If you call Recon Racks with a question about one of their products you’re likely to speak to a guy named Cody, who was probably just assembling a rack, or boxing a rack, or working on the website or welding something or…you get the idea. Cody Fuks is a one-man, rack-building machine. If you haven’t heard of Recon yet, that’s because Fuks dove into the rack building business full time a bit more than a year ago, after a whole lot of years spent welding other people’s stuff and tinkering with his own rack designs in his spare time. Recon Racks, however, is quickly building a following.
Recon offers four, five and six-bike versions of their shuttle rack. Prices range from $775 (four-bike model) to $1,170 (six-bike model). We opted for the five-bike model, which sells for $930.
Recon Gen-2 R5 Details
• Hitch-style rack
• Fits 2'' recievers
• Four, Five and Six-bike options
• Three height positions, to adjust for bike-to-ground clearance
• Front wheel baskets fit road to fatbike tires
• No plastic components--all steel, Grade-8 bolt hardware
• Made in Bellingham, WA from Made-In-America parts
• Grom-bike friendly. Stock baskets fit 24-inch wheels. 20-inch compatible baskets also available.
• Five-bike MSRP: $930 USD
Loading bikes works best if done from left-to-right, tallest axle-to-stem height bikes first (i.e. DH bikes) down to kids bikes. That said, I just slap bikes into the thing willy nilly and it all works out fine.
Thanks to its massive pivot, the Recon Rack tilts nicely out of the way. I've been able to load four-foot wide plywood sheets into the back of my car without removing the rack.
The shuttle rack is exactly what it sounds like—a burly beast designed to hold as many downhill bikes as possible while you pound pot-holed fireroads up to the start of the trail. This isn’t a rack that can withstand that kind of abuse—it’s a rack that was made for that kind of abuse. There’s a difference. That said, the Recon clearly does the around town, down-the-interstate, across-the-country bike transport thing just fine. If cruising to the super market in a Sherman tank is your thing (it’s mine), the Recon is your pony.
I tested the rack for months with an earlier version of the front-wheel baskets. These newer baskets more easily accommodate bigger tires, but will still hold skinny road tires as well.
Here's a more typical sight--29x2.4-inch tires. The new baskets will accommodate full-fat bike meats. As you can see, the bulk of the contact with the rack is focused on the tire tread itself.
The rack market is full of very innovative products with cool features, such as ratcheting arms and integrated. color-coordinated repair stands. This rack sort of shrugs its shoulders at all of that. Yes, the Recon has the basics down. You can vary the height of the rack (to keep from bottom rear tires on asphalt). You can easily tilt the thing out of the way, to access your trunk or hatchback, and Recon will soon offer a beefy, swing-away option, which will give you full, unrestricted access to your vehicle's backside.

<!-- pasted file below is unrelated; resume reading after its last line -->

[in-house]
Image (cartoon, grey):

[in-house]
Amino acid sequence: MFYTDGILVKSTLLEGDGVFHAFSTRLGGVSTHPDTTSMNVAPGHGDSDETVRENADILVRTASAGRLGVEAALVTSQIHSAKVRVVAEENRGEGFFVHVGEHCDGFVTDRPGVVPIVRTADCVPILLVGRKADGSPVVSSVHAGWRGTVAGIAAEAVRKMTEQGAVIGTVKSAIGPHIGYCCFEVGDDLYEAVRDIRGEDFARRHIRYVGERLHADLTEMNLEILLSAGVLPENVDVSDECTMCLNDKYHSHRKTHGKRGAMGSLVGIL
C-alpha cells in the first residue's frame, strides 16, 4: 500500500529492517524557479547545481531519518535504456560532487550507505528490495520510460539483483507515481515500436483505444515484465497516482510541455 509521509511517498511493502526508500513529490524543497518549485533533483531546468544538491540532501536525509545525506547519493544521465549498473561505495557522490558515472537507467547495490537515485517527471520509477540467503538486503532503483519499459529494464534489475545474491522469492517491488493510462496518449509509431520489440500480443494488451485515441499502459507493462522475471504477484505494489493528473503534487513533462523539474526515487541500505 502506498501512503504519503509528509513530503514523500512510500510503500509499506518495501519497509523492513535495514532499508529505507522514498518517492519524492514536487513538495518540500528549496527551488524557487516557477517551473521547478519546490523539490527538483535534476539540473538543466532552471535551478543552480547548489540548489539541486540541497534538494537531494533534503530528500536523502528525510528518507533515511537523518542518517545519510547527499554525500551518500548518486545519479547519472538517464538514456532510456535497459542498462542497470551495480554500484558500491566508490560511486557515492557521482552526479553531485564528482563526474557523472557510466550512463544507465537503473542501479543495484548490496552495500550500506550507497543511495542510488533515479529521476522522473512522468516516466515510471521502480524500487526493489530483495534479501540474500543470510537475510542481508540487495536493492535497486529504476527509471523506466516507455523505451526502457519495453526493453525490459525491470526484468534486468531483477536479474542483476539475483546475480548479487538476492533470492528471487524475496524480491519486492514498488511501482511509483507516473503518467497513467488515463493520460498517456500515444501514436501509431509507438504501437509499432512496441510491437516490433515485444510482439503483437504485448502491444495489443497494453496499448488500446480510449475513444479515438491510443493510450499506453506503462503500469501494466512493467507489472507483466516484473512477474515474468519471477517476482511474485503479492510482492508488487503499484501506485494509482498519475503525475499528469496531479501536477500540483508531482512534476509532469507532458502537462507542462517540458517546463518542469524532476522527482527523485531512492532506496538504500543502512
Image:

If, however, you are into super-sleek products that aim to marry the sophistication of a fine Italian espresso machine with the lush wood paneling-and buttery-smooth leather aesthetics a Jaguar XJ, the Recon Rack is not going to be your idea of an industrial-design wet-dream. Recon’s design protocol boils down to this: simple, strong and reliable. For instance, let’s say you want ratcheting wheel straps… Well, you’re not getting them here. Instead, Recon offers super-sized bungees. Why? They don’t rattle. They still work great when the temperature has dropped below freezing and they’re coated in ice... And if you ever need to replace one, Recon sells the bungee balls for $2.00. Oh, and it takes about 15 seconds to thread one through a hole and add a knot to the end. Simple.
Compared to the ratcheting straps on many racks, the bungees on the Recon may seem suspiciously low-tech.
Then again, I have used these bungees in the snow and mud and they work a charm, don't rattle and allow for plenty of tension adjustments.
Aside from the bungee ball itself, there are no plastic components on this thing. The rack is constructed from thick, plate steel and grade 8 hardware. It’s built to last. As in decades. Fuks says he uses entirely USA-made materials in his Recon racks and that he sources as many of the materials as possible from local vendors in the Bellingham, Washington, area. All that steel is sandblasted and given a good powder coat. The rack, no surprise, is a heavy mother (80 pounds). If you want to take the rack off your rig and store it somewhere, Recon also sells a separate ($165) rack stand. For my part, I carefully (and slowwwwly) flipped the Recon over and let it rest on its baskets.
Built like a brick shit house. The Recon rack is one beefy mofo.
Assembling the rack requires a handful of sockets and a couple wrenches. Judicious use of a cordless impact driver will speed things up as well. Be prepared to spend bit of time here, though the assembly instructions
on Recon's site illustrate that this isn't exactly brain surgery.
The latest generation of rack features this massive pivot and bearing assembly.
The 5/8-inch stainless steel key features a beveled leading edge.
Cody Fuks is constantly tweaking and innovating, which is how the Generation 2 racks came to be. The rack's tilt function is enabled by an enormous pivot. Once you pull up the spring-loaded key this thing tilts away nice and easy. As you return the rack to its upright position, the spring loaded key automatically snaps back into its slot.The key itself sports a beveled edge; it's a seemingly trivial detail, but Fuks contends that as the powder coat starts wearing away, the latch key will progressively settle more and more into place and the rack will remain tight and quiet over the years. As it stands, the key is easy to pull up and it snaps confidently back in place. There's no play in our test rack at all.